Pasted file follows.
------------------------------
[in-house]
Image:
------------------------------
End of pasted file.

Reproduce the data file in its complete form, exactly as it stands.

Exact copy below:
[in-house]
Image: